Michael Lopresti is facing the biggest decision he's ever made, as his mom, Mary Beth, puts it. A high school senior with hopes of one day becoming a surgeon, Michael followed the traditional college path: He visited campuses, applied to a range of schools—including the University of Maryland—Baltimore County (for the academics), the University of Mary Washington (for the campus feel), and the University of Virginia (for a reach school)—and was accepted to most.
Now, armed with his acceptance letters, Michael has one month to select the college where he plans to spend the next four years, as his parents simultaneously balance supporting his choices with finding a way to foot the accompanying bills. The process is often laden with anxiety, says clinical psychologist Jerry Weichman.
"Very rarely is there going to be a clear cut 'yes' when it comes to making a college decision," says Weichman, who specializes in adolescent counseling in Newport Beach, Calif. "It's a huge commitment and any doubt in their decision process often increases their stress [and] anxiety—and they begin to question whether they're making the right decision or not."
But the selection process doesn't need to be overwhelmingly stressful for students or parents—it can even be fun, experts say. Take a deep breath and use these tips from college officials, coaches, and counselors to find the right college for you:
1. Revisit your short list: Accepted to more than one of your top choices? That's an enviable position to be in, though it might not feel like it. As you weigh several appealing options, think back to why you applied to each, counselors recommend.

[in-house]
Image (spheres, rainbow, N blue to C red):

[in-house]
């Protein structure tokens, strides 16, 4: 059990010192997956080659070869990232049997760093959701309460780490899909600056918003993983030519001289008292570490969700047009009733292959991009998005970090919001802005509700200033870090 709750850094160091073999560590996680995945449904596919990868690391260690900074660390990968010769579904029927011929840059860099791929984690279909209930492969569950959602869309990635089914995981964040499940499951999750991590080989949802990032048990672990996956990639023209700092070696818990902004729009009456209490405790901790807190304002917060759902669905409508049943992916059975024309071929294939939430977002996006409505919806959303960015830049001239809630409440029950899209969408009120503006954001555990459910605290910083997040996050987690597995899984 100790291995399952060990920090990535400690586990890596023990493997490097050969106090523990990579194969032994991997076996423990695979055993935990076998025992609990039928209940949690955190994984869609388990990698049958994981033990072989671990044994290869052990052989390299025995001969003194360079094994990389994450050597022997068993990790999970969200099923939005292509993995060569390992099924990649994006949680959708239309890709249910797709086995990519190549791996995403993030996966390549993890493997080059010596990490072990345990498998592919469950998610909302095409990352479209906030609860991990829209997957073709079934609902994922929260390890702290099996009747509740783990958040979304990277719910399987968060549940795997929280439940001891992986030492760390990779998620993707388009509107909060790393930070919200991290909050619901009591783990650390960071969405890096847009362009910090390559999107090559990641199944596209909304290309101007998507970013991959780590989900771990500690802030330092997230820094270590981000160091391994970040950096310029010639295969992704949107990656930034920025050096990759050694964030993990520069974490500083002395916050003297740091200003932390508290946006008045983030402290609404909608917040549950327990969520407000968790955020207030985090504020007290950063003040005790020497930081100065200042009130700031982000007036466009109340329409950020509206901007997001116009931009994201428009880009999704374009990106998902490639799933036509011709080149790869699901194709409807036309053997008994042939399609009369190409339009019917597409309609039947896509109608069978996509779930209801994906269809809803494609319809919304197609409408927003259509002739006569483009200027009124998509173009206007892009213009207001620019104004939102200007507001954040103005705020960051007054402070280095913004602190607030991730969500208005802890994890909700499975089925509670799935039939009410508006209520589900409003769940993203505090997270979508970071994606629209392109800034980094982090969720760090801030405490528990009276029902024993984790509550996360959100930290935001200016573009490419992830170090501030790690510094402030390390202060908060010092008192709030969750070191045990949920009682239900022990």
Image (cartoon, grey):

"It's always very key to bring them back to, 'How did you initially identify the schools that were a good fit for you; why did you choose this particular school; and how does this match up against schools B, C, and D on your list'?" says Erika Coplon, director of the College Admissions Coaching program at InsideTrack.
2. Rank your priorities: Make an extended list of pros and cons, Weichman instructs his clients. Identify several aspects of college life—the size of the school, for instance, or the strength of the athletic program—and numerically rank each by importance to you. When "you get a number out of it," he says, "You can see how much more it really weighs on their mind."
3. Go back to school: Students and parents should have no unanswered questions by the time they send their deposit to a school, experts say. While an initial campus visit is a good time to check out the dorms, sample the food, and get a feel for campus life, students and parents should take a list of 10 to 15 additional, in-depth questions with them on a second trip, recommends Bob Roth, college and career coach and author of College Success: Advice for Parents of High School and College Students.
[Use these 8 tips to make the most of a second campus visit.]
4. Focus on your endgame: For the Lopresti family, and many others like them, finding a school involves balancing cost, academics, and campus life. Though Mrs. Lopresti admits she is drawn to schools with bustling atmospheres, "my husband, the logical one, would say, 'Think about why you're going, and make the best decision for where you want to be four years from now,'" she says. "Keep your eye on the end: where you want to be in your career [and] where you want to be financially. That has to weigh into it."
Ideally, a high school senior should have at least a vague career path, Roth claims. "In many cases, students go to college not knowing what they want to do," he says. "I think it's extremely important to try to narrow it down before you pick the college. We all know from any early age whether we're good in math and science, whether we're good at business—we have to begin to understand ourselves a little bit better, and I think many students don't take the time to think about that."
5. Delve into the departments: Students and parents may look to college rankings to help make a decision, but don't forget that academic prestige can be examined on a smaller scale. A school that excels in biology, for example, may have a less regarded history department.